This dissertation is a study in the nature of human persons. It explores and defends materialism, the thesis that we are wholly material beings. Materialism is widely held, but its status as orthodoxy is not well-founded. Materialists rarely argue for their position, sometimes contenting themselves with mockery of rival views; and they often don’t take seriously the increasingly sophisticated objections of anti-materialists. The essays comprising this dissertation remedy this unfortunate situation. In them, I develop a novel case for materialism and answer some influential objections to the view.
I begin by distinguishing three questions about the metaphysics of human nature and show how their answers fit into the broader project of ontological inquiry.
Then, I advance two novel arguments for my preferred version of materialism—animalism, according to which we are animals or organisms. One argument exploits crowding problems that plague non-animalist views. Another shows that animalism best accommodates the moral data. I further argue for a priority principle according to which each of us thinks our thoughts in the primary and non-derivative sense and show that a number of non-animalist views are inconsistent with this principle. These considerations constitute a cumulative prima facie case both for materialism about human persons, and for a species of that doctrine, animalism.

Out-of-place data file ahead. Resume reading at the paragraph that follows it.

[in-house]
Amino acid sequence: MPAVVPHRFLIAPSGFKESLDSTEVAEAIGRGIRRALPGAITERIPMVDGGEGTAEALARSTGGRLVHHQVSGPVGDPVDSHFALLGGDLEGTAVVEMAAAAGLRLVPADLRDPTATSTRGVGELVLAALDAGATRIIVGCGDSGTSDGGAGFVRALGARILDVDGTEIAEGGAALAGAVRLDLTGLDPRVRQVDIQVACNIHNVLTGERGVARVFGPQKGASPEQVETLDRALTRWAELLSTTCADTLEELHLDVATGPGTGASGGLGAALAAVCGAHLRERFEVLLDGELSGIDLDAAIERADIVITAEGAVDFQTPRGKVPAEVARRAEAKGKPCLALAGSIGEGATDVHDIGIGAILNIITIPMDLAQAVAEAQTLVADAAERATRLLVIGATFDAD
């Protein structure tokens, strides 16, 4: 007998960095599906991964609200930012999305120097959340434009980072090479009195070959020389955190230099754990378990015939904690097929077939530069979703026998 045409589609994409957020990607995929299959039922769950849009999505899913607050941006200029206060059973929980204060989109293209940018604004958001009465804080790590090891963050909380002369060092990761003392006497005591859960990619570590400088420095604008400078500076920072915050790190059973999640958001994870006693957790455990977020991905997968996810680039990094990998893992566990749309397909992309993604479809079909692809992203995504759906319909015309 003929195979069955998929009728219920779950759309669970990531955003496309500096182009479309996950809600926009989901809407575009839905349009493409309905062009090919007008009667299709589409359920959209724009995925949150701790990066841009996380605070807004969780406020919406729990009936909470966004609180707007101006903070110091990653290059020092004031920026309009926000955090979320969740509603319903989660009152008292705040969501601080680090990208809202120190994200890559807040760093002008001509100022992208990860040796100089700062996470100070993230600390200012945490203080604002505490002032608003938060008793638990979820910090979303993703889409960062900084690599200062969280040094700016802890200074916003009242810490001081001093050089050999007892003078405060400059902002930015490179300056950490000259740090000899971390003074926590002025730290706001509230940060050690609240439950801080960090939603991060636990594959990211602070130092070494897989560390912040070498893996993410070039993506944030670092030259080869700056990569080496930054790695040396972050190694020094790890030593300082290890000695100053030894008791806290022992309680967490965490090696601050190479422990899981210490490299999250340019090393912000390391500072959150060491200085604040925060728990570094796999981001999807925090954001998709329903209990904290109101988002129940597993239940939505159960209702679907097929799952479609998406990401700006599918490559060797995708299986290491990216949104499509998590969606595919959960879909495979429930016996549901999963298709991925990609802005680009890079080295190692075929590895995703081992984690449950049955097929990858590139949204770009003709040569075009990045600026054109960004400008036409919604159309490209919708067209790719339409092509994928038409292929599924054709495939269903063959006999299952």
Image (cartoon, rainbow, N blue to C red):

There are powerful objections to materialism. I spend the remainder of the essays developing and answering a few of these challenges. I first examine a class of objections to materialism that stem from reflection on some peculiar cases. I show that proponents of these objections have made a mistake in ignoring questions about composition (questions about when some things make up another).
Finally, I argue that cases of supervenience failure do not tell against materialism. I articulate a version of materialism that is both thoroughly materialist and compatible with such cases. I show that this position is both tenable and stable.